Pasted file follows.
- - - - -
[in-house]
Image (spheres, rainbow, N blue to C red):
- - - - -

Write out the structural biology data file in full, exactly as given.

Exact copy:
[in-house]
Image (spheres, rainbow, N blue to C red):